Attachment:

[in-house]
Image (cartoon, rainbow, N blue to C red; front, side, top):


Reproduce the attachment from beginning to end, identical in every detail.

[in-house]
Image (cartoon, rainbow, N blue to C red; front, side, top):